PBCBA BAR BULLETINS pbcba_bulletin_january 2019 | Page 11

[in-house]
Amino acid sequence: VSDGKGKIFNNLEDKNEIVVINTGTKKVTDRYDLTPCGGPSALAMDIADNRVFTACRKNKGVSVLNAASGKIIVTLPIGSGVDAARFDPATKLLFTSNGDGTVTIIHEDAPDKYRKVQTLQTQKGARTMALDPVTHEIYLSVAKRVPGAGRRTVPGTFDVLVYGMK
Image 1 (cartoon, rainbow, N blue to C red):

PERSONAL INJURY C o r n e r DAUBERT IS DEAD TED BABBIT In the very recent opinion of the Florida Supreme Court in DeLisle v. Crane, No. SC16-2182 (FL Oct. 15, 2018), the Supreme Court reversed the 4th District’s decision in Crane v. DeLisle, 206 S.3rd 94 (Fla. 4th DCA 2016). The 4th District had reversed an $8M verdict against asbestos manufacturers relying on Fla. Statute 90.702, which adopted the Daubert test for expert testimony. The 4th District found the trial court had failed to properly exercise its gatekeeping authority as to certain of the Plaintiff’s experts and, therefore, reversed for a new trial. The Supreme Court, in its opinion, found that Florida Statute 90.702 infringed upon the Supreme Court’s ruling making authority because it required Courts to use Daubert rather than the Frye standard which has long been the standard in Florida when determining the reliability of expert testimony. In Daubert v. Merrell Dow Pharmaceuticals Inc., 509 U.S. 579 (1993), the United States Supreme Court felt that a change in federal evidence Rule 702 was necessary in order to expand the admissibility of scientifically valid and relevant evidence. At 579, the Supreme Court held: “General acceptance” is not a necessary precondition to the admissibility of scientific evidence under the Federal Rules of Evidence, but the Rules of Evidence – especially Rule 702 – do assign to the trial judge the task of ensuring that an expert’s testimony both rests on a reliable foundation and is relevant to the task at hand. Pertinent evidence based on scientifically valid principles will satisfy those demands. The Florida Supreme Court in DeLisle, supra, opined that the United States Supreme Court, in adopting Daubert, did so because it felt that valid evidence was being excluded under the Frye standard. As a practical matter, the adoption of Daubert did not result in a more lenient standard as Justice Pariente opined in her concurring opinion in DeLisle. Despite the Supreme Court’s intention that Daubert be applied flexibly, it has been observed that, in actuality, “[t]he gatekeeping role bestowed upon the judiciary has blocked more court access than it has enabled.” Allan Kanner & M. Ryan Casey, Daubert and the disappearing Jury Trial, 69 U. Pitt. L. Rev. 281, 283 (2007). Particularly relevant in this case, defendants often exploit the requirements of Daubert as a sword against plaintiffs’ attorneys. See id. at 283-84. Others have written that Daubert has “produced a minefield clogged with ‘Daubert hearings’ that are more lengthy, technical, and diffuse than anything that preceded them.” David Crump, The Trouble with Daubert-Kumho: Reconsidering the Supreme Court’s Philosophy of Science, 68 MO. L. Rev. 1, 1 (2003). Daubert has limited access to courts in two significant ways. First, Daubert applies in substantially more cases than Frye. As stated previously, unlike Frye, which applies only to testimony which is predicated on new or novel scientific evidence, Daubert applies to all expert testimony. Kumho, 526 U.S. at 147 (stating that Daubert “applies to all expert testimony”). Therefore, more litigants are exposed to the risk of exclusion of their experts’ testimony under Daubert. Second, in addition to expanding the areas of expert testimony that are subject to challenge, the Daubert analysis involves more than just the Frye consideration of whether “the basic underlying principles of scientific evidence have been sufficiently tested and accepted by the relevant scientific community.” Brim, 695 So.2d at 272. Under Daubert, it is the trial judge who must ensure “that an expert’s testimony both rests on a reliable foundation and is relevant to the task at hand.” 509 U.S. at 597. As explained previously, this is a multi-factor consideration. Id. at 593- 94. In other words, as the majority states, “Frye relies on the scientific community to determine reliability whereas Daubert relies on the scientific savvy of trial judges .…” Majority op. at 19. The difference as to who makes this reliability determination is not inconsequential, as trial judges, PALMBEACHBAR.ORG 11 who typically do not possess the requisite training or experience in the expert’s trial, must fully understand the science before they can even attempt to determine whether it is admissible under Daubert. In DeLisle, the Supreme Court cites to Frye v. United States, 293 F. 1013 (D.C. Cir. 1923): “the thing from which the deduction is made must be sufficiently established to have gained general acceptance in the particular field in which fit belongs.” In Hadden v. State, 690 So. 2d 573 (Fla. 1997), the Supreme Court of Florida reiterated its reliance on the Frye standard when it said at 578: Novel scientific evidence must also be shown to be reliable on some basis other than simply that it is the opinion of the witness who seeks to offer the opinion. In sum, we will not permit factual issues to be resolved on the basis of opinions which have yet to achieve general acceptance in the relevant scientific community; to do otherwise would permit resolutions based upon evidence which has not been demonstrated to be sufficiently reliable and would thereby cast doubt on the reliability of the factual resolutions. The difference between Frye and Daubert is stated by the Court at page 7 as follows: We recognize that Frye and Daubert are competing methods for a trial judge to determine the reliability of expert testimony before allowing it to be admitted into evidence. Both purport to provide a trial judge with the tools necessary to ensure that only reliable evidence is presented to the jury. Frye relies on the scientific community to determine reliability whereas Daubert relies on the scientific savvy of trial judges to determine on the significance of the methodology used. With our decision today, we affirm that Frye, not Daubert, is the appropriate test in Florida Courts. (con’t on pg 12)